Late last year, Gwynne Pugh, FAIA, ASCE, LEED AP, turned a new page in his impressive career. He left the award-winning firm he’d co-founded in 1991, Pugh + Scarpa Architects (now Brooks + Scarpa Architects) to start his own firm, Gwynne Pugh Urban Studio. residential architect recently spoke with Santa Monica, Calif.-based Pugh to see what he’s been up to—quite a bit, as it turns out. Visit his new website at www.gwynnepugh-us.com.
ra: What kinds of projects are you working on?
gp: I’m very interested in urban design, in how public architecture and developer architecture interact in the built environment. I’m working with various cities in California on a consulting basis: San Diego’s Centre City Development Corp., and the cities of Long Beach, Carson, and Santa Monica. Also, a project for Santa Monica College has been delayed and will be resuming in a few months. I’m continuing to work on affordable housing, collaborating with Michael Folonis [FAIA] on a project.
ra: At Gwynne Pugh Urban Studio, what are you hoping to focus on?
gp: I’m looking to expand more to interacting with cities. What’s really interesting is this place in between planning and architecture. I’m trying to see how cities can maximize what they’ve got, how they can contribute to the life of the city. Before things are cast in stone, there can be a real discussion about how they can set about that and become more of an interactive place.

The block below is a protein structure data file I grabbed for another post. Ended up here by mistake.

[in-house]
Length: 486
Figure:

ra: How does that discussion relate to sustainable design?
gp: A lot of people complain about the quality of their urban environment. There’s been a greater recognition that it’s not just about what’s built on the site—it’s about how it comes together. As we improve the quality of life and work toward a more urbanistic experience, it ties into the issue of sustainability as well. You’re not getting into a car. In a large building with a lot of other units, you’re not having as much heat loss and gain.
ra: As a member of the Santa Monica Planning Commission, can you tell us about the commission’s recent endeavors?
gp: The commission just finished six years of working on land use and circulation policies. We tried to coordinate them. We’ve been awarded by the state for that plan. One of the nuggets of it is, no new net increase in traffic in the afternoon rush hour—any development created needs to redirect its own traffic. And the city needs to work to reduce its own traffic as well. Finally we’re getting a light rail system coming in—that will help. And we have quite a good bus service. We’re also looking at bicycle service and of course pedestrianism. We’re looking at having activity nodes within a ¼-mile radius. That’s all part of the traffic aspect. Historically, a lot of cities have tried to encourage any kind of development. But that doesn’t necessarily make for a very functional city. We’re trying to change those attitudes and think about it in a holistic way.